and lastly a portion of that which was dipped out just
so much as is needed to bring the tint to the desired
shade. The remnant will be so small a loss, that, in com-
parison with the other waste mentioned, it will be hardly
worth speaking about.
PREPARING TINTS READY FOR USE
When a tint has been compounded to the perfect satis-
faction of the mixer, as when the lead has been well
broken up and used, as it should have been, in the form
of a very stiff paste, and if the tinting pigments have
been thinned well, so they could be easily incorporated
with the base, and the whole has been well stirred up so
that the paste is of a uniform consistency throughout,
it will be found rather stiff much too stiff for application
with a brush. But the condition it is in then is just the
THE COMPOUNDING OF PIGMENTS 241
right one for transportation, as it can be dipped out into
stock pails and transferred to the job where it is to be
used, without any danger of its slopping out, as it would
surely do had it been thinned out to the point needed
for its application.
It is, of course, impossible to give very definite direc-
tions about the thinning, as circumstances vary so much
that the experience of the man behind the brush must
be used here. No directions, other than the most com-
monplace ones, can be given, i.e., thin out more for first
and second coats than for third, and more all around for
spongy surfaces than for such as have little or no pene-
The above directions will suffice to enable anyone to
mix tints properly in oil.
For coach painting, the same care must be exercised
as directed for tints made in linseed oil in adding the
coloring pigments to the base, the main difference being
in the thinner, which is either japan or varnish and
volatile oils. There is little, if any, compounding of tints
in coach painting, the colors used for that work being
self ones, or, if compounded at all, that is usually done at
For distemper painting, the pigments coloring the
base which is usually whiting should be mixed
separately as for oil colors, only that they should be
made more fluid ; otherwise , all that was said before
applies to them also. The thinning fluid being water,
instead of linseed oil, japan, or varnish. After the tint
has been finished to the satisfaction of the mixer, the
melted glue or the dissolved gum arabic can be added.
It is much more difficult to tint shades up to a given
sample in distemper than it is in the preceding vehicles,
for the reason that pigments mixed in water do not
242 MODERN PIGMENTS
appear the same as when dry, which in oily mediums
they do. In water they appear very much darker than
they are after drying. There are no exceptions to that
universal peculiarity, so that a tint mixed to the exact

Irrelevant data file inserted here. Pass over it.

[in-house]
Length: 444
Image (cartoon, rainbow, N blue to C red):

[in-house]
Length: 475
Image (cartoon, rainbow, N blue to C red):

shade of a dry sample, when first applied, would be entire-
ly too light when dry. The tints should be made very much
darker than the sample to be matched, and a small patch
should be painted over a piece of paper, and the same
placed in a warm sunny spot or over a stove so the water
will evaporate quickly, and, when dry, the tint can then
be compared to the sample, and if not deep enough more
of the tinting pigment must be added until the tint has
attained the same tone as that of the sample. This may
require several times testing it, by drying it upon the
piece of paper, but it is the only safe way, and any
other method would be but guess work.
It requires considerably more experience on the part
of the mixer to hit a tint just right in a quick way. Few
men can fall into it at once. In time, the experience
gained by many former failures will gradually work up
into intuition, for that is what it seems to the man who
has tried it a few times but could not do it.
A LIST OF SOME OF THE PRINCIPAL TINTS AND How TO
IT is deplorable that the English language has no
well-defined nomenclature to designate tints. As other
languages have not got any either, it is not behind them
any in this regard; but it is deplorable nevertheless.
If one is inclined to doubt this, let him procure the
color cards of a dozen manufacturers of mixed paints,
where the tints are known and sold by name, as well as
by number, and these names printed under the tints.
It will be found upon inspection that it will be rare if any
two out of the dozen look alike. This is especially true
of the neutral tints, or those tints which are neither
primary, secondary, nor tertiary. Owing to this lack of
uniformity, some persons may think that they have not
been successful in obtaining the right tint if they get
something which does not come up to their conception
of what the tint ought to be, and may think that the
directions given as to how to make them are wrong,
or that the colors used in the making were off; all but
the right conclusion perhaps that what they call a